The world awaits the next thrilling announcement from the Federal Reserve Chairwoman, Dr Janet Yellen. It does not matter that 76 percent of the American population questioned in a recent survey don't know her name, but this lady makes pronouncements which impact the globe and the American economy in particular.
What is likely now, will she taper away the total $15 billion, or leave some of it on hold, perhaps $5 billion? Most people will hope it is the latter.
The U.S. economy seems in robust shape, with the unemployment figure falling below 6 percent for the first time in so many years.
The U.S. housing figures indicate some cooling down, as fewer houses are being built and fewer people have bought houses recently, although with the current record-low interest rates in U.S. and Canada, the time could not be better to stake your claim on the property ladder if you have a reasonably good job and can pay the mortgage. A lot of folks I met when I visited Los Angles and Las Vegas in 2012 had done just that, working hard, cheerful, that they were realizing their share of the American dream, to own a house, an automobile, have good furniture, watch movies, perhaps travel overseas at a future date, send youngster to good schools and colleges, all through working hard, being the best at what they do, and earning their crust. I totally applaud these worthy people, whose faith and optimism has added to the picture.
The world economies have healed, and the one traditionally termed the locomotive has pulled along impressively, creating several hundred thousand jobs a month and creating heatmaps of happiness.
Let us not forget, there was a time when diamond jewellers in India were having a hard time when Americans didn't buy diamond rings. That was in 2009, early. Now the situation is so much healthier. People being able to travel has done the world a lot of good also.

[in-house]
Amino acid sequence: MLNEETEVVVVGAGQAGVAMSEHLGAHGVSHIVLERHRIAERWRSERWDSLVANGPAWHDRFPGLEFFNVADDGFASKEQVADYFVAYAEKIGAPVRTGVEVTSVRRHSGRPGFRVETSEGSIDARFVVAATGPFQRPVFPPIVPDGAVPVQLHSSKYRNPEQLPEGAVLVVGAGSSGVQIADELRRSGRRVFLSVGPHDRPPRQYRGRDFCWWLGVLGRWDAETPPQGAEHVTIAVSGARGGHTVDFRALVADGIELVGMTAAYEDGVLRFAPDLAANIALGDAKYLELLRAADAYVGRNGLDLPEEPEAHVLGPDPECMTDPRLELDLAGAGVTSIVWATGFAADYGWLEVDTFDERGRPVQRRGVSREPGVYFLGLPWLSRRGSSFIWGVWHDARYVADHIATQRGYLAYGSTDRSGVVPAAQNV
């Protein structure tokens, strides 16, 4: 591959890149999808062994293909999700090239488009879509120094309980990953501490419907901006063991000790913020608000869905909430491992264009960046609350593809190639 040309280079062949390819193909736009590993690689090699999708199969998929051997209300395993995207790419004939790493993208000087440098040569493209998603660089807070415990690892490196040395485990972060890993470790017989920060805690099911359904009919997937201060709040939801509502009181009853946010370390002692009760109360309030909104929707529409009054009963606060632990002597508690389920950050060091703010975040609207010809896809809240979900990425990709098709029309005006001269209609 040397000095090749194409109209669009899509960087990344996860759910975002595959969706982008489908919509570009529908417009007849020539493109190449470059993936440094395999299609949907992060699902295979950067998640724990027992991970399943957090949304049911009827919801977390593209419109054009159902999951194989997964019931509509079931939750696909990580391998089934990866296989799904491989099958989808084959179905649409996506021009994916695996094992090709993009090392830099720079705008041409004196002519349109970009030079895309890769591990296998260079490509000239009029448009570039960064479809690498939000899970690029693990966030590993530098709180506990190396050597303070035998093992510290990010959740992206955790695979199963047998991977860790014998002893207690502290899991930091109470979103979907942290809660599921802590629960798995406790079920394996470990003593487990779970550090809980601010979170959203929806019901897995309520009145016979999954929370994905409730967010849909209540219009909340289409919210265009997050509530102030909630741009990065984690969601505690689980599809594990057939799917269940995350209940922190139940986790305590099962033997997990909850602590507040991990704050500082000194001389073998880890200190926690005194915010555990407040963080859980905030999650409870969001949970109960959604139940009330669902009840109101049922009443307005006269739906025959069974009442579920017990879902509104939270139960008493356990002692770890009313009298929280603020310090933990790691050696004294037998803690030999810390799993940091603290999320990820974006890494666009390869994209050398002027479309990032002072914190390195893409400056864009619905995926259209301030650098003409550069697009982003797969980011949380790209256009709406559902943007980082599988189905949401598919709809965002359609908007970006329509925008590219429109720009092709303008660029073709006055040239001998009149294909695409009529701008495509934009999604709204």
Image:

I hear Mr Bernanke is in line to receive the Noble Prize for Economics and Political Science. Certainly this stalwart with nerves of steel did a grand job introducing the Stimulus and at every occasion magnificently dealing with the questions under intense fire. He is the Reserve Bank chairman others may do well to emulate. Of course, other economies may not have the might to implement policies like the United States, but I dare say the Emerging Markets, especially the BRICS nations, certainly have the clout to try and introduce such policies, perhaps experimentally. I feel sure it would do them a power of good. I believe the BRICS nations once on board will provide the second leg of the Recovery.
Until such time, I can only imagine a sound period of consolidation, with the economic Recovery strengthening from the groundwork that has been laid over the last five years or so.
Rationally, most people like to be busy, and likewise most economies prefer to be busy. Peace negotiations, a lower Oil price, and good health returning to the region hit by Ebola (God bless them) will see a rosy picture for the world.
I know, the German economy has shown a drop of some 5.7percent in the industrial production, but that may become corrected as demand overseas grows. People are waiting for the E.C.B. to announce their Stimulus, and I think maybe in another five months all the Euroland nations will have agreed to have the Stimulus, and the Germans introduced a suitable Clause in their Treaty.
Once that is so, the worldwide economic Recovery will continue, with Prosperity beginning in the U.S. (dare I say it?) in November. Some people are nervous and cannot believe it, as the Quantitative Easing comes to an end, but please remember the substance of cash flow amounting to several trillions has gone into the economy, and that has turned into wealth, being invested in the stockmarkets, bonds, as well as sustaining livelihoods, enabling people enjoy themselves, and creating many millions of jobs in the U.S. It is the nature of such momentum to create wealth and continue to create more demand and jobs. I have faith that that shall be so.
I say once again, I believe Prosperity shall begin in the U.S. by this November.
Durudarshan H. Dadlani